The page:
Cheryl LaBash: What Fidel means to me today

Cheryl LaBash. Photo: Prensa Latina

Cheryl LaBash’s speech on a panel organized by the Cuban Embassy in the United States as a tribute to Fidel Castro’s life. LaBash is a co-chair of the National Network on Cuba. 

I am humbled and honored to be on this panel today. I do not have a deep personal story like we have heard in the past two years about working together with Cuba’s historic leader Fidel Castro whose life, work and example we remember here today. Really I have been the young woman in the back row, who though now no longer young and often no longer in the back row, still tries to absorb lessons from the Cuban revolution, to understand the world and act to change it.

My work in solidarity with Cuba was interrupted when I began a new job in the 1990s. Inspecting Detroit road construction required me to work overtime from April to November — sun up to sun down and weekends, too. But when I heard Fidel was coming to Riverside Church on September 8, 2000, I had to go.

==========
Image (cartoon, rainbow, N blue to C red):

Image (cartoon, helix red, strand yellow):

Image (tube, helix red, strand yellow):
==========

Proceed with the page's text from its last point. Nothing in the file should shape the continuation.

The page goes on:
People who know me will not be surprised. Instead of going to work that Friday morning, I got into my car and hit the highway for the 10 hour drive to New York City. Then driving around and around lower Manhattan hoping for a free parking spot, and onto the subway up to Harlem. The mass of people already trying to get in was overwhelming, but I was one of the lucky thousands who did get inside the church. My seat was high in the balcony — to hear Fidel speak to us.

When Fidel physically left us three years ago, even in the U.S. we were able to watch the caravan that returned his ashes to Santiago de Cuba. Live internet television broadcast from Cuba showed us the assemblies in Havana and Santiago. I will never forget hearing Nicaraguan President Daniel Ortega asking where is Fidel? And the quiet, mourning crowd answered “here” beginning a chant that became a roar Yo soy Fidel.